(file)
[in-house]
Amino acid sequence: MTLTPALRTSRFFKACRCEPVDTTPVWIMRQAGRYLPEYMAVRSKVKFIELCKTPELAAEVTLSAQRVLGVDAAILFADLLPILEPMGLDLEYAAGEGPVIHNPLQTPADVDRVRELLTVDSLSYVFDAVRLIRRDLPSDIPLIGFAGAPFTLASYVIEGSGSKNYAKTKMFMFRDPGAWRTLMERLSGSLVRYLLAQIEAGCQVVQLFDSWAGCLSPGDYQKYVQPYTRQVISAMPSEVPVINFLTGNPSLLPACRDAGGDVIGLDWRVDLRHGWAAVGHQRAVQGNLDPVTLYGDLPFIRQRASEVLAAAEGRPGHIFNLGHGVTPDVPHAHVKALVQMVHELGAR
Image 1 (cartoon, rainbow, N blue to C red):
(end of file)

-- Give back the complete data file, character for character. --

[in-house]
Amino acid sequence: MTLTPALRTSRFFKACRCEPVDTTPVWIMRQAGRYLPEYMAVRSKVKFIELCKTPELAAEVTLSAQRVLGVDAAILFADLLPILEPMGLDLEYAAGEGPVIHNPLQTPADVDRVRELLTVDSLSYVFDAVRLIRRDLPSDIPLIGFAGAPFTLASYVIEGSGSKNYAKTKMFMFRDPGAWRTLMERLSGSLVRYLLAQIEAGCQVVQLFDSWAGCLSPGDYQKYVQPYTRQVISAMPSEVPVINFLTGNPSLLPACRDAGGDVIGLDWRVDLRHGWAAVGHQRAVQGNLDPVTLYGDLPFIRQRASEVLAAAEGRPGHIFNLGHGVTPDVPHAHVKALVQMVHELGAR
Image 1 (cartoon, rainbow, N blue to C red):